Peek-a-Boo Disease

“I can’t believe my uncle just had a stroke,” an acquaintance said to me recently. She was quite upset and I offered my support.

In my mind, that’s not what happened. I did offer support, but I also I thought to myself and did not say out loud: “I’m not surprised at all.” I had met her uncle and spent some time with him a few times at a few events. And my acquaintance had told me about him a few times. He worked very hard in the financial-services industry. He did not eat well. He did not exercise. He has been married for years, but did not seem close with his wife or kids, nor did he have other strong bonds. He seemed stressed quite often. You could see the effects. He looked tired much of the time. He had a lot of extra bodyfat. So I was not surprised that he had a stroke. I was sad, but not surprised. And not more sad than I was spending time with him years ago and witnessing his lack of wellness then.

The truth is he had been unwell for many years if we define well, as I do, as thriving and really being alive. Or even if we were to define wellness purely physiologically as our “physiological systems” functioning optimally. This man’s cardiovascular system has not been functioning optimally for years. He has not been functioning optimally for years. That did not start the day he had a stroke. The life had been slowly draining from him for years.

His stroke was simply the direct, predictable manifestation of gradually declining wellness. It was not bad luck. This man did not “catch” a stroke like a person catches swine flu. It’s not from being in the wrong place at the wrong time, contact with an infected person or other animal, or another one-time incidence like accidentally walking into a patch of poison ivy.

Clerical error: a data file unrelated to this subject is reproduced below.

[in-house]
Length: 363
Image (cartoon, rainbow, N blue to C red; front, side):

Many of the diseases ailing society today are chronic, lifestyle diseases. They develop very slowly over time. The truth is the dis-ease (read this as two words: the prefix “dis” (meaning lack) and “ease”) really occurred in the 30, 40, 50, or more years prior to the stroke, heart attack, aneurysm, onset of type-II diabetes, etc. Do you want to know the truth? That stroke, heart attack, aneurysm, or onset of type-II diabetes is not a disease—it’s death. If modern medicine was not so phenomenally amazing, literally amazing, these events would result in immediate to fairly rapid death in most cases. They are a body, a person, in extreme dysfunction. The dis-ease is each day living without ease. Not getting enough sleep and rest, not eating well, not doing exercise you love, not being fulfilled in your work and/or relationships. These things don’t lead to disease down the road. These things are experienced as dis-ease by you the day you’re experiencing them. The stroke is what happens after years of dis-ease. The stroke is not a disease.